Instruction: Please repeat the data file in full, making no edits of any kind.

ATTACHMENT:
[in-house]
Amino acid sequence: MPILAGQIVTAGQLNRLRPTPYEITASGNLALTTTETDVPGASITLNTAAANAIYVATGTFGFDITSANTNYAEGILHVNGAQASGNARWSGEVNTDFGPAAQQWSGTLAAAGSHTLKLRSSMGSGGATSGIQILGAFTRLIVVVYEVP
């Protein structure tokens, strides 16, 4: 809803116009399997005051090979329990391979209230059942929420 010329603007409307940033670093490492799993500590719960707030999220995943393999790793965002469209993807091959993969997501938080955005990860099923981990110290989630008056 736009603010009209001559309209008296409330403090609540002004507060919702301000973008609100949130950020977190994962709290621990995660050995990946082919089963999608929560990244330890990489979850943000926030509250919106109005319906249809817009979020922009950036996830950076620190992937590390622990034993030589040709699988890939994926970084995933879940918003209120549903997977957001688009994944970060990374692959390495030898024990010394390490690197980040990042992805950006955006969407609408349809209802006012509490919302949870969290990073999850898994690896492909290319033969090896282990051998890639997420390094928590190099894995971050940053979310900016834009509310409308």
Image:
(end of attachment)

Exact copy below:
[in-house]
Amino acid sequence: MPILAGQIVTAGQLNRLRPTPYEITASGNLALTTTETDVPGASITLNTAAANAIYVATGTFGFDITSANTNYAEGILHVNGAQASGNARWSGEVNTDFGPAAQQWSGTLAAAGSHTLKLRSSMGSGGATSGIQILGAFTRLIVVVYEVP
């Protein structure tokens, strides 16, 4: 809803116009399997005051090979329990391979209230059942929420 010329603007409307940033670093490492799993500590719960707030999220995943393999790793965002469209993807091959993969997501938080955005990860099923981990110290989630008056 736009603010009209001559309209008296409330403090609540002004507060919702301000973008609100949130950020977190994962709290621990995660050995990946082919089963999608929560990244330890990489979850943000926030509250919106109005319906249809817009979020922009950036996830950076620190992937590390622990034993030589040709699988890939994926970084995933879940918003209120549903997977957001688009994944970060990374692959390495030898024990010394390490690197980040990042992805950006955006969407609408349809209802006012509490919302949870969290990073999850898994690896492909290319033969090896282990051998890639997420390094928590190099894995971050940053979310900016834009509310409308």
Image: